Intelligent move: Ottawa's TechInsights acquires San Jose-based market research firm VLSI

Jason Abt
Jason Abt is chief technology officer at Ottawa-based TechInsights. Photo courtesy TechInsights

An Ottawa company that gives global semiconductor giants detailed breakdowns of how their competitors’ technology works has joined forces with a leading Silicon Valley market research firm as it looks to broaden its corporate intelligence skills.

TechInsights said this week it has acquired VLSI Research, a San Jose-based company that provides economic and market analysis of the semiconductor industry. Financial terms of the deal, which closed on Monday, were not disclosed.

“It’s an incredible coming together of technology and market forecasting that nobody else has,” TechInsights chief technology officer Jason Abt told OBJ on Wednesday. 

Abt said that while the last few years have been “very, very strong” for the Ottawa company, demand for its research has skyrocketed during the pandemic as sales of semiconductors surged in a world where wireless communications technology and connected devices are more pervasive than ever.

“With that came the strong need for the kind of competitive technical intelligence that we provide as well as the forecasting that VLSI provides,” he explained.

"More and more our customers are looking for the crystal ball – not just on the technology side, but what’s going on on the market side."

“More and more our customers are looking for the crystal ball – not just on the technology side, but what’s going on on the market side.”

Although TechInsights has long operated in the shadow of better-known local tech trailblazers from Nortel to Shopify, the company is a major player in the under-of-the-radar field of semiconductor reverse engineering.

Its roots stretch back to the 1980s, when local tech firm MOSAID began dissecting the components of semiconductor memory devices, producing reports that included detailed circuit schematics and other analysis.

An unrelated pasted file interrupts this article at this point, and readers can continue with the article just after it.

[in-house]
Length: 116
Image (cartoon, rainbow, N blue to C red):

In 1989, MOSAID’s reverse engineering business was spun off as a company called Semiconductor Insights, which was later rebranded TechInsights.

The firm eventually merged with fellow Ottawa tech intelligence provider Chipworks in 2016 and has continued to grow steadily since. Today, the company employs 200 people in the National Capital Region and an additional 200 at offices in Denver, Warsaw and now northern California, with sales and support staff in Europe and Asia.

TechInsights’ engineers go under the hood of everything from iPhones to high-tech Lidar sensors used in self-driving vehicles, meticulously taking the devices apart and giving a piece-by-piece breakdown of the components, how they work and what they cost. 

Subscription-based platform

The company then shares its findings in detailed reports, blogs and videos that it sells to clients on an annual subscription basis through its online platform. 

Abt said TechInsights now has hundreds of customers, including some of the biggest names in semiconductors and electronics as well as law firms and government agencies, although the company won’t publicly identify them.

“If you were to name a leading semiconductor company, you’d know who we’re working with,” Abt said.

In a fiercely competitive industry where companies are looking for every edge they can get on their corporate rivals, TechInsights’ findings are a valuable commodity.

“Our customers aren’t going to blindly copy what they see because it’s proprietary,” Abt said. “But they can learn from it, just like you would learn from looking at a patent. It’s no different from Ford buying the latest GMC or Chevy product. That happens all the time.”

Microchip manufacturers such as Intel, Qualcomm and others have the know-how to do the job themselves, but Abt said they usually prefer to focus on developing their own technology and leave the reverse engineering to companies like TechInsights that have spent years learning the inner workings of thousands of products from hundreds of manufacturers.     

“Although a lot of customers have the technical capability to understand what we do, it’s by no means cost-effective,” he said. “It just makes sense financially for them to come to us.”

From the archives